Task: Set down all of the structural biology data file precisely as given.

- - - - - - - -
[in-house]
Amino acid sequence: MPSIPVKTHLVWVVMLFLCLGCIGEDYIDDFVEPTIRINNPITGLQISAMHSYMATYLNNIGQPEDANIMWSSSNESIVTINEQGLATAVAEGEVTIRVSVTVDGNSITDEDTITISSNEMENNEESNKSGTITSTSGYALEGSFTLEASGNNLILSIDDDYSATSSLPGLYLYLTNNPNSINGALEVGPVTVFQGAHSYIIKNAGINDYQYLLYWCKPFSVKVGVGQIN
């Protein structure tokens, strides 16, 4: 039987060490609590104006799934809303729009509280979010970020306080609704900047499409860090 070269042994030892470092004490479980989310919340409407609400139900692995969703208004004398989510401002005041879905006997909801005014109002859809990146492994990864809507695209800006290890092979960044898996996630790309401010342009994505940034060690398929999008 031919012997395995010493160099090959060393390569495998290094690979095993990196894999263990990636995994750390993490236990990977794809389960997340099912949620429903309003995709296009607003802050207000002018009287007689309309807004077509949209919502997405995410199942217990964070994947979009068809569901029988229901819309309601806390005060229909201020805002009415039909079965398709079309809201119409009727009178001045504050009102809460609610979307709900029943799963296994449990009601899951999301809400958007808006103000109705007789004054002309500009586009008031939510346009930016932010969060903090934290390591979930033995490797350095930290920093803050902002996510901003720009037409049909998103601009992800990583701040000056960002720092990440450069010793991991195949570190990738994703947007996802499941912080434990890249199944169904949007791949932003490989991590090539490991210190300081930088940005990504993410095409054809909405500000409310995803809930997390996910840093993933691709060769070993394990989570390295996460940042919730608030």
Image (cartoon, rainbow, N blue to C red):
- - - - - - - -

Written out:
[in-house]
Amino acid sequence: MPSIPVKTHLVWVVMLFLCLGCIGEDYIDDFVEPTIRINNPITGLQISAMHSYMATYLNNIGQPEDANIMWSSSNESIVTINEQGLATAVAEGEVTIRVSVTVDGNSITDEDTITISSNEMENNEESNKSGTITSTSGYALEGSFTLEASGNNLILSIDDDYSATSSLPGLYLYLTNNPNSINGALEVGPVTVFQGAHSYIIKNAGINDYQYLLYWCKPFSVKVGVGQIN
């Protein structure tokens, strides 16, 4: 039987060490609590104006799934809303729009509280979010970020306080609704900047499409860090 070269042994030892470092004490479980989310919340409407609400139900692995969703208004004398989510401002005041879905006997909801005014109002859809990146492994990864809507695209800006290890092979960044898996996630790309401010342009994505940034060690398929999008 031919012997395995010493160099090959060393390569495998290094690979095993990196894999263990990636995994750390993490236990990977794809389960997340099912949620429903309003995709296009607003802050207000002018009287007689309309807004077509949209919502997405995410199942217990964070994947979009068809569901029988229901819309309601806390005060229909201020805002009415039909079965398709079309809201119409009727009178001045504050009102809460609610979307709900029943799963296994449990009601899951999301809400958007808006103000109705007789004054002309500009586009008031939510346009930016932010969060903090934290390591979930033995490797350095930290920093803050902002996510901003720009037409049909998103601009992800990583701040000056960002720092990440450069010793991991195949570190990738994703947007996802499941912080434990890249199944169904949007791949932003490989991590090539490991210190300081930088940005990504993410095409054809909405500000409310995803809930997390996910840093993933691709060769070993394990989570390295996460940042919730608030």
Image (cartoon, rainbow, N blue to C red):